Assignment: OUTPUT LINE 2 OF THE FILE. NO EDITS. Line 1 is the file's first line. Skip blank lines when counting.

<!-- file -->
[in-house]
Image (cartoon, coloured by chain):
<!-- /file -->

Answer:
Image (cartoon, coloured by chain):